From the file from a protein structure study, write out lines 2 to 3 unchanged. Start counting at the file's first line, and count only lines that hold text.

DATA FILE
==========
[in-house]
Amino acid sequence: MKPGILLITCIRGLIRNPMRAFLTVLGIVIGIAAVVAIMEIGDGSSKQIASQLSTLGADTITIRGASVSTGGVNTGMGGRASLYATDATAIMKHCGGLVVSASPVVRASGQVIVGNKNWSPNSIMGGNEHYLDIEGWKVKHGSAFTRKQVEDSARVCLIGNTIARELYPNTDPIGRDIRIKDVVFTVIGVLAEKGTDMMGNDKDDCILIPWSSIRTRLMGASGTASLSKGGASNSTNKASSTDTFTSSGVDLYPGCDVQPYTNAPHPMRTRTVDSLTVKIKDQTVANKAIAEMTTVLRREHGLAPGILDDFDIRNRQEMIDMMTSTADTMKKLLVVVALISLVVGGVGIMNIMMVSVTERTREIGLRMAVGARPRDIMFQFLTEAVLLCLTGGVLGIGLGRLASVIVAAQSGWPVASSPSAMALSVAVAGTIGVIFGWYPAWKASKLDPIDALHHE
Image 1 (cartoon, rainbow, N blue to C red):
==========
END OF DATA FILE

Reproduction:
Amino acid sequence: MKPGILLITCIRGLIRNPMRAFLTVLGIVIGIAAVVAIMEIGDGSSKQIASQLSTLGADTITIRGASVSTGGVNTGMGGRASLYATDATAIMKHCGGLVVSASPVVRASGQVIVGNKNWSPNSIMGGNEHYLDIEGWKVKHGSAFTRKQVEDSARVCLIGNTIARELYPNTDPIGRDIRIKDVVFTVIGVLAEKGTDMMGNDKDDCILIPWSSIRTRLMGASGTASLSKGGASNSTNKASSTDTFTSSGVDLYPGCDVQPYTNAPHPMRTRTVDSLTVKIKDQTVANKAIAEMTTVLRREHGLAPGILDDFDIRNRQEMIDMMTSTADTMKKLLVVVALISLVVGGVGIMNIMMVSVTERTREIGLRMAVGARPRDIMFQFLTEAVLLCLTGGVLGIGLGRLASVIVAAQSGWPVASSPSAMALSVAVAGTIGVIFGWYPAWKASKLDPIDALHHE
Image 1 (cartoon, rainbow, N blue to C red):